“When all kinds of trials and temptations crowd into your lives my brothers, don’t resent them as intruders, but welcome them as friends! Realise that they come to test your faith and to produce in you the quality of endurance. But let the process go on until that endurance is fully developed, and you will find you have become men of mature character with the right sort of independence… (J.B Phillips translation of James 1:2-4)
Only a masochist gets out of bed in the morning in search of trials and tribulations. But if we live in the real world, trouble will inevitably find us.
“Man is born unto trouble, as surely as the sparks fly upwards” (Job 5:7).
Loss, illness, disappointment and discouragement are like gangsters that ambush us along the road of life, sometimes in unexpected ways. As Christians, trials have the power to rob us of our joy and hope. After many years of facing the same enemies in the ring, you may wonder whether you have the strength to go one more round. Trials may make us question whether God has abandoned or forgotten us. Right now anxiety and despair may be your only constant companions. But the Bible calls Christians to stand on the cliff top and view our trials from God’s perspective. We will see three images emerging in the fog below: First, we see a furnace that tests and proves the genuineness our faith. Secondly, we see a personal trainer exercising our muscles for the marathon of life. Thirdly, we see a painstaking builder putting the finishes and unique trademarks on his beautiful building. The power of perspective changes our response to the troubles we face. If you are a Christian, trials hurt like crazy but they are not pointless. Trials produce faces etched with grace and compassion. They develop spiritual hardiness that cannot be learned in the comfort of a lecture theatre or from a life of ease. They produce believers who do not just call themselves Christians, but cry to God as their “Abba” Father. They produce steadfast Christians. That is why trials are not intruders but friends. Sometimes we only know that the faith we profess is a living flame when the lights are turned off all around us.
Today’s text was written by Jesus’s brother, James, to scattered persecuted Christians in the first century. James 1:2-4 (ESV):
“ Count it all joy, my brothers, when you meet trials of various kinds, 3 for you know that the testing of your faith produces steadfastness. 4 And let steadfastness have its full effect, that you may be perfect and complete, lacking in nothing.”
Our faith in the furnace
Trials are the furnaces into which our Christian lives are poured to test whether they are real or fake. The result is a faith that is more precious than gold and a life that gives praise, glory and honour to our Lord Jesus Christ (1 Peter 1:6-9). Being poured into a furnace is not an intrinsically joyful experience, but a painful one. Yet James urges us to ‘regard’ or ‘consider’ that experience as joy. He asks us to change our mindset to trials.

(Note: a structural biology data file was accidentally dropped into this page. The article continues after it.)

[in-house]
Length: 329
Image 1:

How on earth can we “count it as joy” when all our human instincts are telling us to hide, run, suppress or escape from the pain? My first responses to trouble are always panic, fear or frustration. Joy is the last thing on my mind. How do we get to the place where we no longer resent trials as intruders, but welcome them as friends? (JB Phillips translation).
The power of perspective.
James says that there is power in perspective. When we “consider” the permanent benefits of trials to train, tutor and test us, God will change our response to them. (It’s like my exercise trainer, Coach Kusch on Youtube! She keeps giving me visions of myself in a bikini to motivate me to embrace the burning in my glutes!) Perspective enables us to see hardship as a basis of joy rather than pointless misery. Verse 3 tells us to look at our circumstances in the light of what we know for sure even when it contradicts our feelings or circumstances: “For you know that the testing of your faith produces steadfastness.” And steadfastness is the only road to spiritual maturity and the crown of life which God has promised to those who love him (James 1:4; 12). Thinking with the destination in mind reminds us that this is not our home. It makes us realise that whatever suffering we endure now is working for our good. Perspective gives us the capacity to be joyful on even the hardest journey.
What does steadfastness look like? (v 3)
Think of what steadfastness looks like in your Christian life. It has to do with spiritual resilience and hardiness. It is the staying power that will get you to the finish line. It is the perseverance that develops from exercising your muscles of faith consistently day after day. Steadfastness cannot be turned on with a switch of willpower or choice. A steadfast heart is God’s gift when we place our confidence in Him. It comes to us when we stand firm in prayer, trust and obedience even when we feel disillusioned, disappointed and distressed. Don’t we all wish we were steadfast Christians who are not buffeted by every wave of life? Steadfastness can only develop when we submit to the testing of our faith, just as Jesus submitted himself to the cross with his eyes focussed on “the joy set before Him.” Jesus is the only perfectly steadfast man that ever lived.